Real-time location system vendor Awarepoint announced this morning that it has acquired Patient Care Technology Systems (PCTS), a vendor of software that helps hospitals track people and physical assets. Terms were not disclosed.
Charlotte, NC-based PCTS has 60 hospital customers that include New York-Presbyterian, Advocate Health Care, Providence Health & Services, and Aurora Health Care. It will continue operating from its current office, with the PCTS executive team reporting to Awarepoint CEO Jay Deady at the company’s corporate headquarters in San Diego.
Deady was quoted as saying that the combined solutions will allow the company “to capitalize on an enormous untapped RTLS market” in which US market penetration is estimated at 10-12% and around 5% internationally. The company’s value proposition includes reducing medical equipment rental costs, reducing procedure time and nurse labor involved with in locating needed equipment, and ensuring that equipment is correctly reprocessed between patients.
We spoke to Jay Deady on Monday after running a rumor from RTLS Battle predicting that the acquisition would be announced this week. He said Awarepoint’s 93 hospital customers, having realized significant return on investment from the company’s asset management and tracking capabilities, were pressing the company to move quickly into patient workflow solutions that can support discharge planning and real-time monitoring.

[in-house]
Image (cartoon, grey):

“Integrating a workflow engine into our software and building out the workflow library was going to take 18-24 months,” he told us. “At our recent user meeting, our customers told me they are ready to go right now. Awarepoint and PCTS have three shared accounts — Christiana Care, Aurora, and Advocate Good Sam. I visited those clients and got rave reviews about PCTS’s workflow engine and content library. It just seemed logical to meet the needs of clients in accelerating to market and not taking two years to develop.”
Deady says that completing the transaction required “a very fast close” due to competing bids from private and publicly traded companies and a private equity firm.
PCTS’s relationships with other RTLS vendors will continue, Deady told us. “This is not a one-size-fits-all environment. We will continue to work with other technology partnerships. A lot of our clients were asking us about other RFID technologies, such as passive RFID for inventory tracking. PCTS has an RTLS integration engine and can integrate that in being able to play well in the sandbox with other active and passive players. That was a big decision point for us to merge with PCTS.”
Deady summarized the benefit to customers as being similar to the consolidation of hospital clinical systems starting in the late 1990s. “Customers don’t want to go to different companies for technology, inventory management, asset management, hand hygiene, and temperature monitoring. Up until a year ago, a hospital that wanted to deploy all these technologies would be doing business with seven or eight different companies. Our goal in merging with PCTS is to give them one place to go.”